Konami have come under increased scrutiny over the past few years for not showing enough respect to their back catalogue.
It’s no surprise when they put all of their resources into PES and shut down projects like P.T, a game striving to be a reinvention of Silent Hill.
But things have changed this year as they dip into their back catalogue for their 50th Anniversary. First with the Konami Classics, and now with Castlevania.
Look, the Castlevania Anniversary Collection isn’t definitive and some will bemoan a lack of Symphony of the Night, Rondo of Blood, and Circle of the Moon. But what is here has been treated with the care and due diligence one would expect from one of gaming’s most important franchises.
There’s the essentials, being the original Castlevania trilogy that started it all on the NES, as well its following sequels. Next to Mario and Donkey Kong, the original trilogy of Castlevania games were considered an evolution in platformers, dabbling with RPG elements by letting you switch weapons, while adding the use of powerups.
Mostly, though, the original follows a simple formula of climbing stairs, whipping chandeliers, and fighting bosses until the confrontation with King Fang at the end. It’s not until Castlevania 2: Simon’s Quest that things get a bit more interesting.
For starters, it’s non-linear in contrast to the original which follows a set structure. For another, there’s a world map and you can chat to NPCs to obtain hints for your quest. You can buy items at shops and upgrade weapons. There’s even a day and night cycle for goodness sakes!
Castlevania 3 does strip things back to the original again, though, but this time with a more open and non-linear world than before, offering two branching pathways that lead to multiple endings along with optional objectives.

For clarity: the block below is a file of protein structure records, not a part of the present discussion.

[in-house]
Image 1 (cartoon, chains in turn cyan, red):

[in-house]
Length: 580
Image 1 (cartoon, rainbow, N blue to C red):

And in fairness to Konami, it’s all been recreated pixel perfect on the Switch, almost too well as it fits neatly in the centre with a large portion of the screen taken up by the slick anniversary border.
You can play the games with original scanlines just like the TVs of old, stretch them so they take up the entire Switch screen or view them with the frame. Either way, there’s something to suit each playstyle and it’s up to you how you want these games represented.
To be honest, pixel perfect reaction with scanlines was the way to go for me. But either way, they all work a treat on Switch. To the point where I can’t imagine playing the Anniversary Collection anywhere else, even though it’s on pretty much every other format.
Sadly, though, this Collection also makes me realise why Nintendo need to get SNES games on their Online library by yesterday. The NES classics are cool and all, but I’m finding harder and harder to spend longer than minutes at a time on a NES game because of how heavily dated they’re starting to feel.
Truth be told, I’ve spent way more time on Castlevania IV and Bloodlines than anything else in this collection, but that’s partly because the games still hold up really well. Castlevania: The Adventure … not so much.
The other neat thing to note about this collection is the added extras. First, the Bonus Book which gives you a proper History of Castlevania, specifically the games in this edition. It shows off their Japanese box art, as well as the PAL originals, overviews the stories and timelines, gives you valuable hints and tips, and exclusive interviews with renowned composer Michiru Yamane and the new series producer.
You can also play the Japanese originals of these games and discover some of the hidden differences for yourself. For instance, in Castlevania III, Grant’s dagger attack was much stronger in the Japanese version than in other territories. There’s also subtle differences like title screen changes and sound effects.
And perhaps most spectacularly, this Anniversary Collection is the first we’ve seen of Kid Dracula in the West. It’s a spin-off of the Castlevania series, originally released on the Gameboy, but now remade in colour and translated for this edition. Surprisingly, this one holds up pretty well with its quirky style and sense of humour. Plus it’s a blast to finally play this piece of history.
There’s also a lot in here about the wildly popular Netflix show, which really emphasises how much faith and stock Konami are actually putting into it
Of course, Konami were never going to please everyone with this Castlevania Anniversary Edition. And the door is wide open for them to do a second that looks at the later eras of the franchise, but this is an excellent reminder of the origins of the Belmonts. It really shows you the thought process that went into these games, how they built on the original ideas and why things began to change.
And no doubt about it, there’s no better home for it than on Switch. Castlevania Anniversary Edition has to be played handheld, even if not all the titles in it are a reminder of the franchises’ better days.
Castlevania Anniversary Edition is out now on Switch, Xbox One, PC, and PS4.
Review code kindly provided by the publisher
Tested on Switch